Anyone familiar with Massachusetts laws?

Discussion in 'Local Chicken Laws & Ordinances' started by jmk518, Jun 1, 2012.

  1. jmk518

    jmk518 In the Brooder

    11
    0
    22
    Jun 1, 2012
    Marlborough, MA
    My wife decided that she needed fresh eggs every morning, so I was going to get a few chickens. The problem is, I can't seem to find very much information from my town. I live in Marlborough, MA. Based on what I'm not finding I would have to say there are no laws on the books, for or against it.

    Any help would be appreciated!
     
  2. Kikiriki

    Kikiriki Songster

    939
    75
    186
    May 26, 2011
    Roanoke County, Virginia
    Hi, JMK. Since no else answered, I will. You need to include more information. Do you live in the unincorporated county, or fall under the rules of a town, village, city? Usually, township/city rules trump county rules so this is important. A county can ban chickens but a city can allow them or vice versa. Where I live, I fall under county rules. How much land do you have and what is your property zoned? What are the dimensions of your property? Sometimes the chickens are allowed but restricted by having to be so many feet from a dwelling. The size of the property is also often linked to how many chickens you may have. Any dwelling regardless of lot size in my county can have one chicken, but one has to have 2.5 acres to have two or more! Stupid, huh? Our county has a rule that allows a variance for helath reasons, so if one can support that with a doctor note, one can get the variance. Then there are state rules that might trump all other rules although they tend to apply to commercial sales of products and might include a clause that specifies sales have be over some amount of money: I saw a fifty thousand dollar limit set for one state, but other states do not specify an amount. Also, food sales usually have a lot of regulations, and one might have to get a tax ID number for sales over a very small amount of proceeds, so even if you can set up a farm stand, you might not meet the rules regulating how food is handled for public sale.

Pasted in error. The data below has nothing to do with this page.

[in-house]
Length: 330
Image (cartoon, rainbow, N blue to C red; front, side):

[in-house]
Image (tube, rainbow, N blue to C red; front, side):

There is a lot to look into, so the info you need to add makes a big difference...

    Conversely, you could go outlaw: someone would have to look over my privacy fence to see my chickens. I am allowed one, but I have three. My county has been asked to change the ordinance already, so I'm hoping they will soon be legal, but I will keep all three regardless of the outcome.

    I did talk to my neighbor whose house is nearest the coop. They are country folk who do not mind at all. So you could just ask your neighbors if they care, if they would like a share of eggs for pitching in for feed, and reassure them you will not have a rooster. If they are not familiar with chickens, take a video with you that has sound so you can reassure them the chickens are not noisy. Be prepared to tell them how you will handle waste so they dont have worry about flys and odor. If they kids, check out some sites that address the benefit of animal husbandy in educating and teaching responsibility, like 4-H clubs. Also, 4-H animals are sometimes specifically excluded from zoning rules, so if you have children, you might be able to this as a 4-H project.

    So that's all I know and I would be glad to help you find rules if you post the necessary info!
     
  3. jmk518

    jmk518 In the Brooder

    11
    0
    22
    Jun 1, 2012
    Marlborough, MA
    Thanks for the response!

    I actually forgot I posted this. I ended up just calling the city (Marlborough) and asking questions. Basically what I found out was as long as I name them, they are pets.
     
  4. curiositykt

    curiositykt Songster

    124
    5
    111
    Apr 4, 2012
    Marlborough MA
    I live in Marlborough and have chickens, and I am pretty amused by our "if you name them, they are pets" law.
     

BackYard Chickens is proudly sponsored by: